Lorang contends that the recruiting incentive was a key reason behind FullContact’s paid, paid vacation plan, implemented in July 2012. In this unusual twist of a policy, the company actually pays employees $7,500 for taking a week-long vacation, on top of their salary.
Lorang says when FullContact’s unique policy was implemented, his number of applicants skyrocketed. “We got 4,200 engineering applicants, which is just unheard of. And engineers are really hard to find in tech. So it’s helped, for sure.” He adds, “I think we have a first mover advantage in this.”
On the other hand, while companies may see gains in the quantity of applicants to due to an unlimited PTO policy, Bock says the quality of applicants to Fierce has remained largely the same. “I wouldn’t say it’s improved the level of candidates that we’ve had. I will say we probably get more applicants. Yet we’re still weeding out for very specific skill sets.”
A liberal or innovative PTO policy cannot only help attract top talent, but also retain it. At FullContact, Lorang says the policy has improved retention–“nobody’s quit,” he notes. However, more data needs to be collected in order to prove a correlation between vacation policies and retention. And there are some kinks.
For established organizations that currently have a seniority-based vacation policy, switching to an unlimited model could be tricky. Some senior employees could view that as a penalty, or a benefit being taken away from them, because they might feel that they had to work for years to “earn” their vacation time but younger or new employees don’t.
Simultaneously, if junior employees don’t need to work up to a certain number of vacation days, they may have less incentive to stay with the company long-term.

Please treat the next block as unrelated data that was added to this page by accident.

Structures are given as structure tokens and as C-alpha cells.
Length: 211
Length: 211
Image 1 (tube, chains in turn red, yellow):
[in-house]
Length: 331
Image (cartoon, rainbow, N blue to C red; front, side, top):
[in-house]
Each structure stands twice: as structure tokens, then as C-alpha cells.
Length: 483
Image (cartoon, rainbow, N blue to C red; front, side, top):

Unlimited PTO could cut down on HR costs, or at least save your organization time. For Bock, the policy has been a timesaver. “As someone who previously would need to sign off on a lot of time sheets, or engage in a lot of conversations about, ‘Well I traveled on Sunday, can I take a comp day here?’ I am sure I have saved several weeks–no kidding–of time, just not having to engage in that.”
However, in order to circumvent purposeful or unintentional favoritism on the part of supervisors, larger companies would most likely need to train managers on how to communicate the policy to their teams. The cost of training could then offset any savings the HR department had made by avoiding the time-consuming task of tracking time accrued in a fixed-leave policy.
What’s The Verdict?
Obviously, whether the benefits of an unlimited vacation plan outweigh the costs will depend entirely on the specifics of your organization.
But if your company is to reap all the benefits of increased productivity and morale, more effective recruiting and retention, all while saving on administrative costs, there seem to be two core values a company must have: accountability and open communication. If your company is strong in these two areas, unlimited vacation days could save your company both time and money.
As Bock says, “I wouldn’t recommend it carte blanche to every company. Because you do need to have some things in place before you uncork the bottle. You need to have a culture where people understand that it is up to them to achieve their objectives.”